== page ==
One of the biggest failings of Maharashtra’s Covid war has been the gross mis-management of hospitals. Videos have emerged showing corpses lying alongside patients in the wards of KEM Hospital and Sion Hospital in Mumbai. The CM never bothered to visit any hospital or meet medical professionals. The entire focus of the state government was on the ill-conceived creation of jumbo quarantine centres, many of which remained unoccupied.
The real challenge, on the other hand, was the absence of oxygen concentrators and ICU beds, which led to a high casualty until a month ago. The state government has followed an outsourced model — making bureaucrats responsible for everything, without bothering to get involved and look into the details.
Contrast Thackeray’s casual stay-at-home style with the proactive, hands-on approach of Fadnavis. The former CM has travelled to hospitals and quarantine centres across Maharashtra, be it Pune, Amravati or Konkan. In all these places, he has held extensive meetings with government officials to understand their difficulties and offered his suggestions. He has personally inspected quarantine centres in Maharashtra’s interior areas, often putting his own health at risk.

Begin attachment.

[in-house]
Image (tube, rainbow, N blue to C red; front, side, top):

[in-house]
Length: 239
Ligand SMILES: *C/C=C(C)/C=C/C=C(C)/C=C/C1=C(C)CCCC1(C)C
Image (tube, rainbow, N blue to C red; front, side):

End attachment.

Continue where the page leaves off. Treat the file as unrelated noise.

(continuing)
Maha Vikas Aghadi’s alliance partners are disgruntled by their mutual incompatibility and the realisation that they don’t have a future together. Many in the NCP regret not going with the BJP after the assembly election last year. Some leaders in Shiv Sena and Congress too feel that their ppolitical careers have been jeopardised by this unnatural, forced alliance, and shudder to face the voters again.
As far as the BJP is concerned, the party is ready for fresh elections anytime. By virtue of the BJP’s performance in the previous government, the party retained 70 per cent of the seats it contested in the 2019 assembly election. The Thackeray-led coalition government’s non-performance and its repeated betrayal of the people will ensure the BJP’s return to power on its own in the next election.
The writing on the wall is clear and legible. Uddhav Thackeray must not make Maharashtra suffer for his selfish gains.
Tuhin Sinha @tuhins is a writer and a national media panelist of the BJP. Views are personal.